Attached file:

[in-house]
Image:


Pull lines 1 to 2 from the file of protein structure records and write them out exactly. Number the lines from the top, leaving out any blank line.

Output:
[in-house]
Image: